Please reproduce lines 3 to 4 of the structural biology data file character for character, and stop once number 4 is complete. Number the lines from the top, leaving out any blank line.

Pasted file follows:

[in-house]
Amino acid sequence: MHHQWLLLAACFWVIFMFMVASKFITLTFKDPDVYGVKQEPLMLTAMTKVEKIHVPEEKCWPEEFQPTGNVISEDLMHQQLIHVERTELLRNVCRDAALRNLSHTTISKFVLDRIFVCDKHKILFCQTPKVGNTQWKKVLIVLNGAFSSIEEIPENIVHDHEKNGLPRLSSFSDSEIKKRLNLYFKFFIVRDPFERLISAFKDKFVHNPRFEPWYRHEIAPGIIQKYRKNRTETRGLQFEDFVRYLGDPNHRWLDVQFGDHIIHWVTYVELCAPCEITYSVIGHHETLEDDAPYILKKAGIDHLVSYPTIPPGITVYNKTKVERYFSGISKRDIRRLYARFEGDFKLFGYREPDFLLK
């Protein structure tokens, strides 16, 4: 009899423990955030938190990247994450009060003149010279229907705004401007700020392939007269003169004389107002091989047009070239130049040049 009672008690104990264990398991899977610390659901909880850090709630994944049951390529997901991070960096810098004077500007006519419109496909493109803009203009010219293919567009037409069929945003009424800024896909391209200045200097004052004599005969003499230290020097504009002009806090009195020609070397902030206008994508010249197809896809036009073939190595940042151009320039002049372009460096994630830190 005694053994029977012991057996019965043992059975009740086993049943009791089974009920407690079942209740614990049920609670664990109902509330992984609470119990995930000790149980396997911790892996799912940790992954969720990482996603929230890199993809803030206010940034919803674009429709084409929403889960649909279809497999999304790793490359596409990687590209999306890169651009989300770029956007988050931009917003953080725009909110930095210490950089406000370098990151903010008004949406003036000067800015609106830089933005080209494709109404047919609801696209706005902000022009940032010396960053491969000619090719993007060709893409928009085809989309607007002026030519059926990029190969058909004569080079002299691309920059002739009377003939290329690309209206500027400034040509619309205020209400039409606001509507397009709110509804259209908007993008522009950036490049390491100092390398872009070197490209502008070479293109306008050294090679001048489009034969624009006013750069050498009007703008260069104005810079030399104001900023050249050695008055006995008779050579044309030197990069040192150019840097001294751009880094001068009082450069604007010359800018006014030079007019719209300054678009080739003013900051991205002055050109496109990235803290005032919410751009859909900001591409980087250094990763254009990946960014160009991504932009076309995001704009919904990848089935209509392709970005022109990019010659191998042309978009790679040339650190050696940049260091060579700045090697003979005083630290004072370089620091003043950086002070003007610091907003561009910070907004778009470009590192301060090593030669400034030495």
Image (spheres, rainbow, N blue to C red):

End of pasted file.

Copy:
């Protein structure tokens, strides 16, 4: 009899423990955030938190990247994450009060003149010279229907705004401007700020392939007269003169004389107002091989047009070239130049040049 009672008690104990264990398991899977610390659901909880850090709630994944049951390529997901991070960096810098004077500007006519419109496909493109803009203009010219293919567009037409069929945003009424800024896909391209200045200097004052004599005969003499230290020097504009002009806090009195020609070397902030206008994508010249197809896809036009073939190595940042151009320039002049372009460096994630830190 005694053994029977012991057996019965043992059975009740086993049943009791089974009920407690079942209740614990049920609670664990109902509330992984609470119990995930000790149980396997911790892996799912940790992954969720990482996603929230890199993809803030206010940034919803674009429709084409929403889960649909279809497999999304790793490359596409990687590209999306890169651009989300770029956007988050931009917003953080725009909110930095210490950089406000370098990151903010008004949406003036000067800015609106830089933005080209494709109404047919609801696209706005902000022009940032010396960053491969000619090719993007060709893409928009085809989309607007002026030519059926990029190969058909004569080079002299691309920059002739009377003939290329690309209206500027400034040509619309205020209400039409606001509507397009709110509804259209908007993008522009950036490049390491100092390398872009070197490209502008070479293109306008050294090679001048489009034969624009006013750069050498009007703008260069104005810079030399104001900023050249050695008055006995008779050579044309030197990069040192150019840097001294751009880094001068009082450069604007010359800018006014030079007019719209300054678009080739003013900051991205002055050109496109990235803290005032919410751009859909900001591409980087250094990763254009990946960014160009991504932009076309995001704009919904990848089935209509392709970005022109990019010659191998042309978009790679040339650190050696940049260091060579700045090697003979005083630290004072370089620091003043950086002070003007610091907003561009910070907004778009470009590192301060090593030669400034030495």
Image (spheres, rainbow, N blue to C red):